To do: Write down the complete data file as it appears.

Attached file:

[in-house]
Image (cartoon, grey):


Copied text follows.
[in-house]
Image (cartoon, grey):